Posts tagged "incentives"
September 28, 2012
City teenagers who knew they would get cash bonuses if they did better in school spent less time socializing and more time studying, according to a new study.
But the pattern held true only for teens who were already “academically inclined,” according to the researchers who conducted the analysis, the latest in a series of studies about a city incentives experiment that was conducted from 2007 to 2010.
The program, called Opportunity NYC, offered families payments for different behaviors related to education, health care, and work. For example, families got $200 for each member who had annual physical exam, and adults received $150 a month for maintaining a full-time job.
The program ended in 2010 after generating a rich set of data that researchers are continuing to mine. A first look at the program’s results last year found little to no impact of cash incentives on children’s education.
But the latest analysis, completed by the research firm MDRC, looked only at families with teenagers and focused on behaviors that the incentives weren’t actually designed to influence. It finds that teens who were generally on track in school who had been promised cash for improved academic performance spent more time on homework and other academically oriented activities, forgoing social time in the process.
Teens who had already fallen behind in school did not change their behavior because of the incentives, the researchers found. Those teens continued dividing their time in the same way among school activities, work, and watching TV, and socializing. (more…)
September 27, 2011
Despite several spectacular setbacks, Harvard economist Roland Fryer isn’t ready to throw in the towel on incentives to boost student performance.
In recent years, New York City abandoned two different inventives programs that Fryer designed — one for students and another for teachers — after it became clear that the promise of more cash for higher test scores wasn’t paying off.
But Fryer, who last week was awarded a “genius grant” by the MacArthur foundation, has experimented with incentives in other cities and gotten different results. In a report released today, he and a colleague from Harvard University’s EdLabs offer instructions for designing incentives programs and argue that, contrary to what economic theory would predict, programs that reward “inputs” such as reading or completing homework are more effective than those that reward “outcomes” such as test scores, as New York’s program did.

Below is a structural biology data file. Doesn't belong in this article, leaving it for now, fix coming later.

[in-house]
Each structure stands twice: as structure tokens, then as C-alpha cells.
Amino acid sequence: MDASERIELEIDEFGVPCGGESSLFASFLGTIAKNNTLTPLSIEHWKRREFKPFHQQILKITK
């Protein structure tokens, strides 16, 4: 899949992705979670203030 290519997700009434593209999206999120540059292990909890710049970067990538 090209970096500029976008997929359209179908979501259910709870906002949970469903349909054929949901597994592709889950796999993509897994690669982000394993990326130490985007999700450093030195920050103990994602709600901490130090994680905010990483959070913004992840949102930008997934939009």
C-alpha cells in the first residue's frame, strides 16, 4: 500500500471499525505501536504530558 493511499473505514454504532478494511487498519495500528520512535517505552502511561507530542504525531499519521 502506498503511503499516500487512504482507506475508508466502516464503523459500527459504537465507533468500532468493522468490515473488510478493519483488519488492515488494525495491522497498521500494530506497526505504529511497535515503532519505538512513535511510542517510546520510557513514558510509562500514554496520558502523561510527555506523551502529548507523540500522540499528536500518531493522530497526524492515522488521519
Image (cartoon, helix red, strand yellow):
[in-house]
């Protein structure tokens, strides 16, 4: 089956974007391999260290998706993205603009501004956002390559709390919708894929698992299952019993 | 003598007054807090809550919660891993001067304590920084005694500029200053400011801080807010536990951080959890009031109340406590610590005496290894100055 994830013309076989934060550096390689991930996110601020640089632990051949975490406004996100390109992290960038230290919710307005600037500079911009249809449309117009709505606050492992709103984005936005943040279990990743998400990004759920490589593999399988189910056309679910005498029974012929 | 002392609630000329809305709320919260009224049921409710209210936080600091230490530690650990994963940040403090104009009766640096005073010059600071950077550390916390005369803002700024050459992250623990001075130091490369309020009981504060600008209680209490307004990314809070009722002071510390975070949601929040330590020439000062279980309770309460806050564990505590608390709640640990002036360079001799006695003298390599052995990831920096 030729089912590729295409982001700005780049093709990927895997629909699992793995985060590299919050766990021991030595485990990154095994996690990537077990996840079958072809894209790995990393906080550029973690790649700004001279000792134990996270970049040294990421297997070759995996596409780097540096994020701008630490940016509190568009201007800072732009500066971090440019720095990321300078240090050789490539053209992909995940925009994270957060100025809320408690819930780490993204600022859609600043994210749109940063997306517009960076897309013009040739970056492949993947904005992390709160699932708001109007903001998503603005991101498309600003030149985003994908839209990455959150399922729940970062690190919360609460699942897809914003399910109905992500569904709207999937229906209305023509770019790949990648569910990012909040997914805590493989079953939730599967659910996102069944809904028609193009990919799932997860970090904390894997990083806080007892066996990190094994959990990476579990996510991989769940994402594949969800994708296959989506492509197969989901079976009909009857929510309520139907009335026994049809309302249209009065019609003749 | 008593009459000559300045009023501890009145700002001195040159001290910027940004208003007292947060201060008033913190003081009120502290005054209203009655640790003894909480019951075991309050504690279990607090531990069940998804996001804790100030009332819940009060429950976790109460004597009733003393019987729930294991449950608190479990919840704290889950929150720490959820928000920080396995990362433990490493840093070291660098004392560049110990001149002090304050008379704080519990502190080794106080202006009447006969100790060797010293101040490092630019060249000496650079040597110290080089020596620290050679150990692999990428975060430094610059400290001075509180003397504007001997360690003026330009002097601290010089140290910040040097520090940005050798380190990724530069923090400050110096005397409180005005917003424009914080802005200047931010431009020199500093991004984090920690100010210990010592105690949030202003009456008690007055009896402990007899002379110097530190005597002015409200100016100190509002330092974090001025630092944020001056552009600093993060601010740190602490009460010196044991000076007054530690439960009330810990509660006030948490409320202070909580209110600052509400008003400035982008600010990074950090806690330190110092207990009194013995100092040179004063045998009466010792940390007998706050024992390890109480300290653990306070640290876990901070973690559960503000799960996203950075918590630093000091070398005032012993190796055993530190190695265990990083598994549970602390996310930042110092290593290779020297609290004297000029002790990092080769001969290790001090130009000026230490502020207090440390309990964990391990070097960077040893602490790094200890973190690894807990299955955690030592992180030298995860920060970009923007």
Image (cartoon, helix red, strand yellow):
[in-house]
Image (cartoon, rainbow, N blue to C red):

In Houston, students who were paid $4 for each math skill they learned mastered more skills — and they did even better when the prize grew to $6 a skill. In Dallas, students who were paid to read books read more books.
More study is needed to figure out exactly why the Texas students responded to incentives and students in New York City did not, the researchers write. But they hypothesize that New York City students might not understand that comprehending content is key to raising scores. (more…)
October 17, 2008
Kids in other parts of the world pay to go to school. So why do some people think American kids should be paid to learn, asks education historian Diane Ravitch in a Forbes Magazine column. She writes:
In India, students compete for admission into cram schools, where they study intensively in order to compete for admission into India’s highly regarded technology colleges. Their families pay as much as $1,500 a year for this opportunity, which, for many, is a great hardship. In Korea and Japan, students attend after-school classes to boost their chances for college admission.
In the U.S., by contrast, school districts and philanthropists are embarking on ever-more elaborate efforts to persuade students to care about school and to learn basic skills.
October 10, 2008
Increasing students’ “motivation to learn” by offering incentives for school performance is essential to their success, argues Kent Pekel, executive director of the University of Minnesota’s College Readiness Consortium, which supports statewide education initiatives. In a MinnPost.com column, he writes:
Across the nation, a number of interesting efforts are under way [to take] a more intentional and systemic approach to motivation. One example is the Million Motivation Campaign in New York City, through which middle-school students are being given a free cell phone and the chance to earn minutes, music downloads and other rewards if they meet performance goals set by their schools.
It looks like Pekel didn’t get the news that the advertising-award-winning “Million” Motivation Campaign was killed over the summer because, the DOE says, too few private donors pitched in for it to continue. Pekel’s oversight — not surprising, as Million’s demise wasn’t broadcast widely — suggests that on incentives, the subway has clearly left the station, and the results of New York’s experiments aren’t likely to change this particular thrust of contemporary school reform.